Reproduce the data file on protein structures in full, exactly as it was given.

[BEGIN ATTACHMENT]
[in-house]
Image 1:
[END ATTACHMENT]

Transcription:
[in-house]
Image 1: